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Friday, March 29, 2013 | 1:02 PM | 0 comments

Throughout his studies and his teaching career, Arthur Yap pursued poetry writing as a passion and craft. His works focused on the daily aspects of life in Singapore. In my opinion, his writing style was iconic of Singapore, capturing the mundane routines and concerns of the local heartlanders on paper. His prose was constructed in an approachable and understandable manner with minimal use of ostentatious vocabulary that might alienate the audience. All in all, his poems were about the people and for the people of Singapore.


The Correctfulness of Flavour

waiting for the lime sherbert to arrive,
mother turned around to her vacuous child:
boy, you heard what i said earlier?
nowadays, they emphasise english.
boy rolled his squinty eyes to the ceiling.
waitress returned, flustered, and started
on her own emphases:
lime sherbert today don't have.
mango got. strawberry also don't have.
mother, upset and acutely strident:
today DOESN'T have.
today DOES NOT have.

Written in simple language, The Correctfulness of Flavour highlights the concerns of speaking proper English at the time. With the establishment of the modern port in 1819, British English was introduced to Singapore. Also, the port attracted migrants from neighbouring countries like China and India, resulting in a melting-pot of a host of languagesOver generations, these languages have influenced the syntactic and phonological structure of traditional British English to create our local brand of the language, Singaporean English (also known as Singlish).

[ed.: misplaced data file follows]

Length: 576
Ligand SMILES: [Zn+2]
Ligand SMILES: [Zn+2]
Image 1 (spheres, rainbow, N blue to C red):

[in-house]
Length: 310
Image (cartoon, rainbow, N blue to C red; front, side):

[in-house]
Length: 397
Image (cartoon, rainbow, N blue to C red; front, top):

This colloquial manner of speech has been frowned upon by the government; with ex-Prime Minister Goh Chok Tong describing Singlish as "English corrupted by Singaporeans". According to them, mastery of Standard English was essential to communicate in the "global language of commerce, business and technology". This was to the extent that the government pushed forth with an annual campaign to improve the standards of English. Dubbed the 'Speak Good English Movement', it aimed to foster a sense of pride in using proper English and discourage the notion of having Singlish as part of our national identity.

The poem captures the citizens' take on the issue. The mother, who incorrectly 'corrects' a grammatical error, plays the role of a one who means well, but inadvertently commits another error in the process; provoking emotions of endearment. It would seem that even with the desire to master standard English, Singlish is something deeply rooted in our community and cannot be easily erased from our identity. Even the fabricated titular word "correctfulness' points to this. In essence, The Correctfulness of Flavour is a social commentary which gently pokes fun at the locals' struggle to code-switch with light-hearted irony.

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